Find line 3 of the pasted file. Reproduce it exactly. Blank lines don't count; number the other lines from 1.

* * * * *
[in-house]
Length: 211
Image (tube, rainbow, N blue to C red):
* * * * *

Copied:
Image (tube, rainbow, N blue to C red):